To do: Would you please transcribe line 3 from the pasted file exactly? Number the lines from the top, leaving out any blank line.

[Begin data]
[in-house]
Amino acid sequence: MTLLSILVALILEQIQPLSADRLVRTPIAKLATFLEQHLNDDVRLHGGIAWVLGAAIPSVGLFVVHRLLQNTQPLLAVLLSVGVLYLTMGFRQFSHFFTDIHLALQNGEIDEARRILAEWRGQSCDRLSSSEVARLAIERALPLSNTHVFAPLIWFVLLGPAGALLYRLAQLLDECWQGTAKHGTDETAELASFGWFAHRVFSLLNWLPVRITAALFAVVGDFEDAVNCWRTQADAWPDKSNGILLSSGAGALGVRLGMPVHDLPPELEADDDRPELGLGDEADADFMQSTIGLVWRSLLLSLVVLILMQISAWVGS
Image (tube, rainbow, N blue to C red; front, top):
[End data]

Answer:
Image (tube, rainbow, N blue to C red; front, top):